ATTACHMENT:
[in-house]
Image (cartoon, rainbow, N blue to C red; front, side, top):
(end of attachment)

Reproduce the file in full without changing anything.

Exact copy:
[in-house]
Image (cartoon, rainbow, N blue to C red; front, side, top):